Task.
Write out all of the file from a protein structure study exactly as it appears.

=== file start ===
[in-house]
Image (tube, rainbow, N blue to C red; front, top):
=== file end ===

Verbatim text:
[in-house]
Image (tube, rainbow, N blue to C red; front, top):